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In reviewing the Stations of the Cross, I was surprised to learn that stations 3, 7, and 9—descriptions of three times Jesus fell under the weight of the cross he carried—are in fact not based on scripture.

I also learned (here) that some German and Dutch Catholics historically observed SEVEN falls, often citing as prophesy Proverbs 24:16: “though the just fall seven times, they rise again, but the wicked stumble from only one mishap.”

Do Catholics have any historical, traditional, or scriptural basis—or any rationale—for claiming that Jesus fell under the weight of his own cross on the way to Calvary?

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What is the basis for Catholics believing Jesus fell three times (or seven) on his journey to Calvary?

It is a tradition that many uphold. However there is in fact no historical way of knowing.

For some, like myself, it is believed that Mary, the Mother of Jesus started this tradition of the Stations of the Cross as such! The actual number of stations seems to be of no historical value or meaning. The actual number of times Jesus fell during his Passion is equally unknown. To day the traditional number of falls is three (3).

The number of three corresponding to the number of temptations Our Lord suffered while fasting in the desert. This is simply just the modern traditional number.

According to Blessed Catherine Emmerich, Our Lord fell seven (7) times while carrying his Cross to Golgotha. Each one of these falls corresponds to one of the seven deadly sins that send souls to hell.

In the Visions of Catherine Emmerich, we read that the Virgin Mary made the Stations of the Cross each while living in Ephesus.

We find the Stations of the Cross in just about every Catholic Church. Walking and praying the Stations of the Cross has been a popular Catholic devotion from the earliest of times. It is especially popular during the season of Lent. Did you know that the first Stations of the Cross were made by the Blessed Virgin Mary and that what we have today followed the pattern that she set up 2000 years ago? Our earliest traditions tell us that St. John took the Blessed Virgin Mary out of Jerusalem to Ephesus to protect her from the dangers in Jerusalem. Tradition tells us that Mary, after Jesus’ ascension used to walk the path that He had walked on His way to the Cross. When she moved out of Jerusalem she could no longer walk on that very path.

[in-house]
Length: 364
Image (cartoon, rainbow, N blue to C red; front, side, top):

St. John built for her a House on a hill just outside of Ephesus (modern day Turkey). I was fortunate to be able to visit that home and it was an earthshaking spiritual experience for me. When Mary lived there she decided to walk out a path remembering the way of the cross that Jesus and she walked in Jerusalem. She set up stones and markings on trees to commemorate Jesus’ walk. Mary would walk along that path with its Stations of the Cross just like she had walked it on the actual streets that Jesus had walked. It was a special devotion for her.

One of the Church’s modern mystics and visionaries was Blessed Anne Catherine Emmerich who was born in 1774 and died in 1824. She had numerous visions of Jesus and Mary and in her writings she recalled her visions, “Behind the house, at a little distance up the hill, the Blessed Virgin had made a kind of Way of the Cross. When she was living in Jerusalem, she had never failed, ever since Our Lord’s death, to follow His path to Calvary with tears of compassion. She had paced out and measured all the distances between the Stations of that Via Crucis, and her love for her Son made her unable to live without this constant contemplation of His sufferings. Soon after her arrival at her new home [in Ephesus] I saw her every day climbing part of the way up the hill behind her house to carry out this devotion. At first she went by herself, measuring the number of steps, so often counted by her, which separated the places of Our Lord’s different sufferings. At each of these places she put up a stone, or, if there was already a tree there, she made a mark upon it. The way led into a wood, and upon a hill in this wood she had marked the place of Calvary, and the grave of Christ in a little cave in another hill. After she had marked this Way of the Cross with twelve Stations, she went there with her maidservant in quiet meditation: at each Station they sat down and renewed the mystery of its significance in their hearts, praising the Lord for His love with tears of compassion. Afterwards she arranged the Stations better, and I saw her inscribing on the stones the meaning of each Station, the number of paces and so forth. I saw, too, that she cleaned out the cave of the Holy Sepulcher and made it a place for prayer. At that time I saw no picture and no fixed cross to designate the Stations, nothing but plain memorial stones with inscriptions, but afterwards, as the result of constant visits and attention, I saw the place becoming increasingly beautiful and easy of approach. After the Blessed Virgin’s death I saw this Way of the Cross being visited by Christians, who threw themselves down and kissed the ground.” - Mary’s House, Stations of the Cross and Visions